Nordstrom is to shoes what is to books. But what of denim and suits? The upscale retailer in the past year has sought to re-energize...

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Nordstrom is to shoes what is to books.

But what of denim and suits?

The upscale retailer in the past year has sought to re-energize its overall women’s apparel business, to gain the attention of customers who already buy shoes, accessories and cosmetics from its stores.

To that end, Nordstrom has worked to more sharply define its women’s apparel departments — stores within a store, so to speak — to help create deeper relationships with customers.

“As we learn more about our customer, we know as loyal and supportive as some of these customers are, they still spend a great deal with other retailers,” President Blake Nordstrom told analysts Monday during the retailer’s quarterly conference call.

Nordstrom reported strong sales for the critical holiday quarter, but its profit was a penny shy of analysts’ estimates.

The Seattle company posted a fourth-quarter profit of $232.3 million, or 89 cents a share, up 22.0 percent from a year ago. Sales rose 14.6 percent to $2.6 billion.

Analysts polled by Thomson Financial had forecast a profit of 90 cents a share on sales of $2.6 billion. The slight miss sent Nordstrom stock tumbling in after-hours trading.

Patricia Edwards, a retail analyst with Wentworth, Hauser and Violich in Seattle, said the retailer has done a better job letting customers understand each women’s apparel department.

She remembers walking through a store a year ago with someone who wondered how they’d know where to shop.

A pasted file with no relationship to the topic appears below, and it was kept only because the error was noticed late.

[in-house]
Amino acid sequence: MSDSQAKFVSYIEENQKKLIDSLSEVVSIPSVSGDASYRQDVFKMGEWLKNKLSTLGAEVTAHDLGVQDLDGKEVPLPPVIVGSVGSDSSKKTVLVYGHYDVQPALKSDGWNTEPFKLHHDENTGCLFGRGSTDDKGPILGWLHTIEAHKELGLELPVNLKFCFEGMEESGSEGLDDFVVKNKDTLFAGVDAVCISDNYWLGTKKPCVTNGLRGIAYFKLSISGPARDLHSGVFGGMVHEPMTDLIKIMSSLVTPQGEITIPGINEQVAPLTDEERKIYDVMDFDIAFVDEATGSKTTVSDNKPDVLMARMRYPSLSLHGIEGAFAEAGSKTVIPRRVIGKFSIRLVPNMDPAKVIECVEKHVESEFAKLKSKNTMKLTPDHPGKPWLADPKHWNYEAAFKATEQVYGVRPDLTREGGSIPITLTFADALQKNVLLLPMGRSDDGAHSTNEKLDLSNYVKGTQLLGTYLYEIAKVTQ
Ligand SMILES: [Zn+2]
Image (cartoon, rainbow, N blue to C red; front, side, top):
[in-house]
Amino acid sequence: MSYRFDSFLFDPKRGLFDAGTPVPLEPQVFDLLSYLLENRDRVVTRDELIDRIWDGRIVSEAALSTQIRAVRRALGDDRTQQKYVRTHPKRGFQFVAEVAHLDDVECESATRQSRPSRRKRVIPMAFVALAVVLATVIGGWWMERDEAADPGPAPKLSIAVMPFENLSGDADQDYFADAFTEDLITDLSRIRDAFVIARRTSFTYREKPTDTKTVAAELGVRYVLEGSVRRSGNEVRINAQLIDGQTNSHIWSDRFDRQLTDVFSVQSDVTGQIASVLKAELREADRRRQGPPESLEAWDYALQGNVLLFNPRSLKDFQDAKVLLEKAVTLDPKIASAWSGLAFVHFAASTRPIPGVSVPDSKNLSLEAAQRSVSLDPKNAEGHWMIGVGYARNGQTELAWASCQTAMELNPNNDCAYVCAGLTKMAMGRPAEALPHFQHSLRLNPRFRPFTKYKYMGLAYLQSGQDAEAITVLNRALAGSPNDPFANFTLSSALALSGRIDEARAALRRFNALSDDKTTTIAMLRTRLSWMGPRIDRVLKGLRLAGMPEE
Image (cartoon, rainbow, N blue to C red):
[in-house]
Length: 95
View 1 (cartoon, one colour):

“They’ve clearly delineated that,” Edwards said. “If I look at [departments] Narrative versus Point of View, it’s pretty apparent to me within 30 seconds where I should be shopping based on price point, occasion and style.”

The company has, for example, removed some career wear from its T.b.d. department, known contemporary fashion featuring premium denim and brands such as Free People and Juicy Couture.

Likewise, Nordstrom has increased its wear-to-work and work separates pieces in the modern-careerwear department, Individualist, which sell at prices a step down from designer apparel.

Pete Nordstrom, president of merchandising, told analysts the management team is halfway through its implementation. “These are strategies that we’re going to continue to update over time,” he said.

The team is credited with engineering a remarkable turnaround, partly by investing heavily in a computerized inventory system that gave buyers and salespeople the data to make smarter decisions about what to sell.

Selecting handbags and designer jeans in the right styles, quantities and colors has enabled the retailer to sell more items at full price.

Nordstrom’s quarterly same-store sales — a key gauge that measures performance for stores open a year or more — rose 8.3 percent, marking the fifth consecutive year of positive same-store sales growth.

The retailer reported a full-year profit of $678.0 million, or $2.55 a share, on sales of $8.6 billion.

Nordstrom plans to open three full-line stores this year in Massachusetts, Michigan and Colorado, and a Nordstrom Rack this fall at Southcenter Square in Tukwila.

The company forecast a first-quarter profit in the range of 51 to 54 cents.

Nordstrom’s shares closed at $56.60, down $1.48, and fell an additional $2.00 in after-hours trading. The company announced its financial results after the markets closed.

In the last year, the stock has traded between $59.70 and $31.77.

Monica Soto Ouchi: 206-515-5632 or